Drop by drop, 42 g chlorophosphate (0.1 mole) C6 H3 ClF9 --O--POCl2 obtained according to example 11 where added to 39 g morpholine (0.45 mole) in 120 ml petroleum ether. The temperature spontaneously rose to 30° C. and there appeared a morpholinium chloride precipitate which was left standing over 12 hours then filtered. By evaporation of the filtrate, 48 g of dimorpholide C6 H3 ClF9 --O--PO[N(C2 H4)2 O]2 were obtained, as a pale yellow oil, water soluble, having a refractive index nD 25 = 1.4314, and chlorine and nitrogen contents of 6.35 and 5.43% respectively (theoretical contents 6.87 and 5.42 respectively).
9 g of the acid C10 H3 ClF17 --O--PO3 H2 obtained according to example 2 were dispersed in 50 cm3 water. To the resulting gel was gradually added, while stirring, a solution of 2.20 g sodium carbonate in 50 cm3 water. The very foaming resulting solution was evaporated, to a constant weight basis, in a 600 cm3 crystallizing dish on water bath, then in an oven at 105° C. The monosodium salt C10 H3 ClF17 -- O--PO3 HNa was finally obtained as a clear cream-colored solid, yielding water solution having a pH of about 6.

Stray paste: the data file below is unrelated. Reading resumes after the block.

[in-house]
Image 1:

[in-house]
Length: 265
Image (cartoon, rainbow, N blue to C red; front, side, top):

Example 13 was repeated except that twice the quantity of sodium carbonate was employed. Disodium salt C10 H3 ClF17 --O--PO3 Na2 was then obtained, as a clear cream-colored solid, yielding water solution having a pH of about 8.6. The following Table 1 shows some values of surface tensions (dyne/cm at 20° C.) of aqueous solutions of acids Cn F2n +1 -- C2 H3 Cl-- O-- PO3 H2 obtained in the examples 2, 4 and 6.
TABLE I______________________________________Concentration inCn F2 +1CH 2 H3 ClOPO3 H2(g/l) 0.05 0.10 0.25 0.50 1.00______________________________________surface n=6 57 52 43 32 29tensions n=8 34 29 21 15 14for n=10 33 27 22.5 22 21.5______________________________________